These results of the survey analysis and the qualitative interview data indicate that the most effective way to address the psychological impact of infertility is to take a psychosocial approach that is sensitive to cultural differences…
The paper presents the results of a study designed to identify psychosocial variables related to physical health and psychological well being among infertile women in two different cultures – Pakistan and the United Kingdom. The data came from a mixed-methods cross-cultural study of women’s experiences of infertility. The prize-winning paper is a companion paper to another published in the Taylor & Francis journal Health Care for Women International.
The prize winning paper presented an analysis of quantitative survey data from a study of 164 infertile women living in Pakistan and 148 infertile women living in the UK. The study findings revealed some similarities – total scores on the General Health Questionnaire were similar for women in both countries.
However, there were also important differences: British women reported greater anxiety, insomnia and social dysfunction, whereas Pakistani women reported greater depression and somatic symptoms. In both samples, greater received social support was a significant predictor of higher GHQ scores. Among Pakistani women better health was also predicted by greater education, greater perceived available social support, and having a nuclear family system rather than an extended family.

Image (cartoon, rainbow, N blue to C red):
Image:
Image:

Among British women, better health was also predicted by greater emotional intelligence and more emotional satisfaction in their relationship with their partner. These results of the survey analysis and the qualitative interview data indicate that the most effective way to address the psychological impact of infertility is to take a psychosocial approach that is sensitive to cultural differences.
The Higher Education Commission of Pakistan (HEC) gives annual “Outstanding Research Paper” awards to the best published papers by Pakistani nationals. Dr Batool had received funding from HEC to complete post-doctoral work at the University of Sussex. The publication was one of 450 papers submitted to the Higher Education Commission of Pakistan. It was one of 5 award winners in the “Social Science” category.
Dr Batool obtained funding from the Higher Education Commission of Pakistan to carry out Post-Doctoral research at the University of Sussex. There were the usual recruitment barriers, but a concerted effort by Dr Batool to work with providers of services of women experiencing infertility meant that suitable samples were recruited in Pakistan and the UK.
To be considered for the award, articles must be published in a highly-regarded journal with a good impact factor, and the research should include a robust methodology. The research should have a significant impact on health, education, or the economy.
Read their winning article: Psychosocial and contextual determinants of health among infertile women: A cross-cultural study
Find out more about the journal Psychology, Health & Medicine